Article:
True to its vaunted cutting edge, the University of the Philippines in Diliman, Quezon City, has produced another first: a transgender as chair of the university student council. The election of Heart (nee Gabriel Paolo) Diño to the top post of the UP student body is a major victory for the LGBT (lesbians, gays, bisexuals and transgenders) community and, as far as the UP student population represents a cross-section of society, reflects a sea change in the public perception of its members—a clear recognition of their capabilities and potentials in the political realm. Think of the not-too-distant past when the likes of Diño were assaulted, insulted, and taken advantage of in all possible ways, and, on the other end of the spectrum, laughed at, indulged and patronized, and you get an idea of the significant stride that was made.
To be sure, it could merely have been because of Diño’s looks. Yet the winning candidate of the Alyansa ng mga Mag-aaral para sa Panlipunang Katwiran at Kaunlaran is also a standout, academically speaking, graduating magna cum laude with a bachelor’s degree in mathematics and going on to pursue a postgraduate course in applied mathematics. Hardly the expected “soft” field for a member of a community long handicapped and banished to the margins for going against traditional grain, in fact a radical departure from its stereotypical calling (couture, say, or the business of beauty). It is thus reasonable for attentive observers to expect the new chair of UP’s student council to take on the challenging post with a “scientific” perspective backing a survival instinct certain to have been honed to a keen point by discrimination, whether covert or blatant, willful or accidental.
Born male, Diño is female in looks, clothing and conviction. On those grounds (having discovered early on as a child the pain peculiar to her kind—“a girl trapped in a boy’s body”), and not merely by force of biology, does she lay claim to female references, including the right to use women’s restrooms. “It’s who I am.” One leg of her campaign platform, antigender discrimination, is predictable and announces the direction of her agenda; her own self, wearing her heart on her sleeve, as it were, can very well be “Exhibit A.”
The other legs of Diño’s platform, transparency and zero fraternity-related violence, may be viewed as an acknowledgment of the wide range covered by the post to which she was elected. Transparency in the affairs of not only the premier state university but also (and necessarily) of the government is devoutly to be wished, as is the stamping out of frat “rumbles” and the deadly practice of hazing that continues to prevail and flourish in educational and other institutions despite the law specifically enacted to address it.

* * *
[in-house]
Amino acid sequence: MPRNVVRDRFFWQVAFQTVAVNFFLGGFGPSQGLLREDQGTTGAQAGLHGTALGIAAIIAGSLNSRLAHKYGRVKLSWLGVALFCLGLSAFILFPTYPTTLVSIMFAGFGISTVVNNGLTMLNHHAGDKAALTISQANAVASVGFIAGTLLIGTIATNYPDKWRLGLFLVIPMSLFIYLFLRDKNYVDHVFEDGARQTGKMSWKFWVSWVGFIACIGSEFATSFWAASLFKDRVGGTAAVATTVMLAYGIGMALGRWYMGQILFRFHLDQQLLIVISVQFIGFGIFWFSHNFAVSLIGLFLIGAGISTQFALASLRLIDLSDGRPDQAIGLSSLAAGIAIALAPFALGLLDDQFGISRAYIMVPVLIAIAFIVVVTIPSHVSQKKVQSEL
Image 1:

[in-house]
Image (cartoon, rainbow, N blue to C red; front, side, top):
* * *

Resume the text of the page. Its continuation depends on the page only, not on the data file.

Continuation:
But high expectations arise precisely because of Diño’s uncommon victory. From reports, she received 3,290 votes, 547 more than independent candidate Martin Loon of the UP College of Law, 1,072 more than Amancio Melad III of the militant Student Alliance for the Advancement of Democratic Rights in UP, and 1,390 more than Shaina Santiago of the Nagkakaisang Iskolar Para sa Pamantasan at Sambayanan sa UP. Diño is thus called upon to take on more than the struggle being waged by the LGBT community and to address other pressing concerns, including tuition matters particularly as these apply to students from low-income families; the declining quality of instruction and the state of services in UP campuses nationwide; the sufficiency (or not) of the budget allotted by the Aquino administration to education (P238.8 billion in 2012, from P207.3 billion in 2011) vis-à-vis state schools, colleges and universities, as well as the crying needs of teachers; and, not the least, the position of UP students on the burning issues of the day, such as corruption in government, the accountability of erring public officials, even the impeachment trial of Chief Justice Renato Corona.
All that, yes, and perhaps more, with the end in view of working toward a truly progressive society where gender sheds its false importance and where, borrowing from Sartre, it is possible to “act upon history and the world and bring about a different relation between [humans] on the one hand and history and the world on the other.”
How does that old adage go? That women’s work is never done?